Advertisement
 

Bill Bars Public Funds for Private Toll-Road Projects : Legislation: The action by state senators, who accused Caltrans of a double-cross, affects two in Orange County--one in a freeway center median and the other in the bed of the Santa Ana River.

March 15, 1991|From Associated Press

SACRAMENTO — Saying they were angered by an alleged Caltrans double-cross, the state Senate approved a proposal Thursday that would prohibit the use of any public funds in the development of private toll roads, including two planned in Orange County.

Senators from both parties complained that they never intended in their 1989 legislation authorizing private toll roads to allow public funds to be used for those projects. Instead, they argued, the state Department of Transportation twisted the intent of that law to include public funds on all four private roads it approved last year.

The legislation approved Thursday, which still must pass muster in the state Assembly, does not apply to three other tollways planned in southern Orange County, which are slated to be built by a consortium of local cities using developer funds and anticipated toll revenues.

Among the four prototype toll roads being planned by Caltrans are the pair in Orange County. One is planned along the center median of the Riverside Freeway, while the other would skirt off the Orange Freeway and run the length of the Santa Ana River atop concrete pilings. The other toll roads are in Contra Costa and San Diego counties.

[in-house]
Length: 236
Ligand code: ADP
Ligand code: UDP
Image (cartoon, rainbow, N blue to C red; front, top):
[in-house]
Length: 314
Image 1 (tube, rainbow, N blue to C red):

"We feel like we have been betrayed by Caltrans," Sen. Dan Boatwright (D-Concord) said. "None of us believed public funds would be involved."

"It's terribly unfair to require taxpayers who may not be able to afford that toll to subsidize these roads," said Sen. Bill Lockyer (D-Hayward), principal author of the bill.

Roy Nagy, Caltrans assistant director, said that the legislation jeopardizes all four approved toll-road projects and that the senators "in winning their point may be throwing out $2.5 billion in public works" that after three decades would become public property.

Advertisement
Los Angeles Times Articles
|
|
|